The story was absolutely not planned. I just decided to start writing it without even knowing how it would evolve. I did not prepare an outline, I did not fill my walls with sticky notes, I did not have pages and pages of comments. I do have a little notebook, containing information regarding, for example, how old the characters are, if they are allergic to something, when their birthdays are, when they met each other. Nothing about the story itself. It was as if I was writing events that really happened, and the intention was just to make sure those occurrences could be remembered by future generations. My editor, Janet Southcott from Viridian Earth Contract, called my novel a “New Age fantasy”.
Your book has some fantastical creatures, but what I enjoyed was how your characters worked in harmony with one another. What were some themes you wanted to capture while creating your characters?
I didn’t necessarily plan to capture any theme related to collaboration and compassion, so it definitely happened naturally. I do like the idea of different beings cooperating and developing these strong emotions and this genuine attachment for one another. In the beginning, the characters happen to come together for a higher cause; they are sort of forced to cooperate. In fact, we sometimes read that Emma doesn’t really appreciate the sternness of Ella, but, like a daughter-mother relationship, she respects the opinions and directions of a more experienced female. If we consider the novel from this point of view, it seems that the characters always approach a new “companion” with reservation, doubts and distrust. Of course, this is also caused by the events happening in the Valley, but don’t we often all react like this during our first meeting with somebody? It’s only after a few shared experiences that we manage to open up to the person in front of us. This is exactly what happens to Emma, Ella, Abela, and all the characters in the book. It is more obvious for Emma, because she is the one recollecting the events, we don’t really know what the other characters think of her, their first impression on her, but we can figure it out by reading about their behaviours and interactions with Emma through her own words. At the same time we can see how the characters evolve within their experiences: their core is the same, but their values change. There are no emotional barriers anymore; there is no time for counterproductive drama. The transition to peasant life also intensifies these values, all of a sudden the reader realizes that without technology and commodities, the characters have to communicate more, they have to cooperate and develop skills they weren’t even aware they had. Also, it is clear that by being the fellowship so diverse, each of the characters bring a different set of assets, which is shared between the members, increasing their knowledge and understanding.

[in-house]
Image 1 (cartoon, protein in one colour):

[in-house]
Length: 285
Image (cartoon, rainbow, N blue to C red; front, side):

This is book one in a trilogy. Where will book three pick up and when will it be available?